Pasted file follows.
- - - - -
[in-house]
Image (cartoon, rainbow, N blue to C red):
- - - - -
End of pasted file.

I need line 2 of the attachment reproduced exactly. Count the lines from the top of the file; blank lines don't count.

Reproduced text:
Image (cartoon, rainbow, N blue to C red):